To date, tracking a patient’s response to anti-cancer drugs has used blunt instruments, to say the least, to show the reduction in the size of the tumour.
But what if you could get inside the tumour and see it being destroyed? That would be amazing.
Edinburgh University researchers are doing just that.
Early diagnosis and treatment of cancer patients could be helped by new imaging technology that sheds light on the effectiveness of immunotherapy drugs.
The researchers say a fluorescent probe can track how tumours are responding to the drugs, which work by harnessing the body’s own immune system to fight disease.
This is done with light-sensitive technology that’s able to detect which key immune cells, a small group known as T cells, are involved in attacking tumours.
Our T cells are effective against cancers because they generate a toxic protein known as granzyme B, which can kill cancer cells.
This protein can also chop the fluorescent probe in half and release a light signal, which scientists can detect to find out if the immune system is fighting the cancer.
The Edinburgh team says the fluorescent probe will help doctors develop treatment plans in a more focused way, and even come up with bespoke treatments that tackle individual cancers.
Further development of the tool could help detection of minute changes inside the body’s tissues, making it easier to track effectiveness of anti-cancer treatments.
Doctors could use the technology to monitor how cancer patients are responding to treatment by directly tracking the activity of T cells in tissue biopsies or in blood samples.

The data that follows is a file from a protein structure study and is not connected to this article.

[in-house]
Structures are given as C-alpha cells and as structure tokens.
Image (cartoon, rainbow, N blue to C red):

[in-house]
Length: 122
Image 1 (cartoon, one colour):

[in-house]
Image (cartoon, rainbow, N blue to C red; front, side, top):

This would allow doctors to make immediate real-time changes to treatment plans, which help to clear the cancer faster and avoid potential side effects of non-effective treatment.
Professor Marc Vendrell, from the University of Edinburgh’s Centre for Inflammation Research, says: “This is an important advance in our abilities to study the role that T cells play in tumours.
“We hope this technology will accelerate the design of personalised therapies for cancer patients and make them more effective against all tumours.”
We heard about the crucial role of T cells in overcoming infection with the Covid-19 virus.
But T cells have a wide range of activities against agents that could harm the human body.
Now here’s another – attacking cancers.
By using drugs that encourage T cells to attack cancer, we’re recruiting the body’s own defences and would avoid the side effects of chemotherapy, radiation and hormones.